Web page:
Why Hub?

Most of the time Data Scientists/ML researchers work on data management and preprocessing instead of doing modeling. Deep Learning often requires to work with large datasets. Those datasets can grow up to terabyte or even petabyte size. It is hard to manage data, version control and track. It is time consuming to download the data and link with the training or inference code. There is no easy way to access a chunk of it and possibly visualize. Wouldn’t it be more convenient to have large datasets stored & version-controlled as single numpy-like array on the cloud and have access to it from any machine at scale?

We realized that there are a few problems related with current workflow in deep learning data management through our experience of working with deep learning companies and researchers.

  1. Data locality. When you have local GPU servers but store the data in a secure remote data center or on the cloud, you need to plan ahead to download specific datasets to your GPU box because it takes time. Sharing preprocessed dataset from one GPU box across your team is also slow and error-prone if there’re multiple preprocessing pipelines.

  2. Code dependency on local folder structure. People use a folder structure to store images or videos. As a result, the data input pipeline has to take into consideration the raw folder structure which creates unnecessary & error-prone code dependency of the dataset folder structure.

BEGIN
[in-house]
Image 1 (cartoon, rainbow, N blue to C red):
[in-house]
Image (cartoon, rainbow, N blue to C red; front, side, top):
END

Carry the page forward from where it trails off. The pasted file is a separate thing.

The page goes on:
3. Managing preprocessing pipelines. If you want to run some preprocessing, it would be ideal to save the preprocessed images as a local cache for training.But it’s usually hard to manage & version control the preprocessed images locally when there are multiple preprocessing pipelines and the dataset is very big.

  4. Visualization. It’s difficult to visualize the raw data or preprocessed dataset on servers.

  5. Reading a small slice of data. Another popular way is to store in HDF5/TFRecords format and upload to a cloud bucket, but still you have to manage many chunks of HDF5/TFRecords files. If you want to read a small slice of data, it’s not clear which TFRecord/HDF5 chunk you need to load. It’s also inefficient to load the whole file for a small slice of data.

  6. Synchronization across team. If multiple users modify the data, there needs to be a data versioning and synchronization protocol implemented.

  7. RAM management. Whenever you want to create a numpy array you are worried if the numpy array is going to fit in the local RAM/disk limit.